The Chronicle-Herald

Business, Saturday, November 27, 2010, p. C4

These tips not just for new employees Inspire Your Career: Strategies for Success in Your First Years at Work by Patricia Barbato (Insomniac Press, 2010, $19.95)

Kaye Parker
Yet another easy-to-read book by a Canadian author with an inspiring message. Maybe it is just the time of year, but I find myself drawn to books that won't take too long to read, yet offer something of value.

Barbato says she has three key messages she wants to get across to readers in this book. The first is to have a great attitude. Everyone appreciates people who are positive and have a can-do attitude. While this is not exactly a new concept, I'm always amazed at the number of people who just want to complain about the rest of the world. They don't exactly endear themselves to the rest of us by complaining but they do it anyway.

Her second message is the value of taking time to self-reflect occasionally. She reminds us that there are opportunities every day to learn more about who we are. She has even included a number of exercises to help those of us who are challenged in that area.

One suggestion she has for self-reflection is the 5 Whys. By asking ourselves ever more demanding whys, we may be able to get to the root cause of a problem. The concept, inspired by Sakichi Toyoda, was eventually adopted by the Toyota Motor Co. It has certainly worked for it so why not give it a try.

The third message is to build great relationships. This, too, makes sense since we never know whether that person we just were rude to in the elevator might turn up as the person we want to sell something to a few minutes later.

In addition to her three messages, Barbato has three intentions for us. The first is that if we follow the tips and suggestions she gives us, we can give our career a big boost. While I'm not sure about that, I am absolutely certain that a poor attitude, no self-awareness of how we come across to others and no ability to build relationships can do our careers a lot of harm.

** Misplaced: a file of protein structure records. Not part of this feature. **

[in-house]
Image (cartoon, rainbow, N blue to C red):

The second intention is to encourage us to help our workplace reach its potential. It is just much easier to complain rather than become a vehicle for turning things around. Mahatma Gandhi's words - "You must be the change you want to see in the world" - are never truer than in the place where we work.

The third intention is that if enough of us practise a positive attitude, reflect before we act, and work to build relationships, we can be the catalyst that changes the world of work. These intentions resonate with me because, without getting too sentimental, I believe we do get back what we put out into the universe.

The author is senior vice-president, home health and business development, for Revera Inc., a health services and accommodation organization, with 26,000 employees in North America. A graduate of the University of Waterloo, Ms. Barbato is a certified general accountant and a chartered accountant.

I don't find the layout of the book attractive and the underlining is unnecessary with all the technology at our fingertips today. Besides, this gets in the way of my own underlining. However, I appreciate the summaries at the end of every chapter and I do think it has a message every one of us should take to heart. We create our own workplace.

Reviewed by Kaye Parker, president, Think Training. You can reach Kaye through her business website .

© 2010 The Chronicle-Herald - Halifax. All rights reserved.